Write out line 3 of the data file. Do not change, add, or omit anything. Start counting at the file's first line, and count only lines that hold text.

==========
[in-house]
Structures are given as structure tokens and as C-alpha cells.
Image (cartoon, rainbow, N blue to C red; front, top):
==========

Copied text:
Image (cartoon, rainbow, N blue to C red; front, top):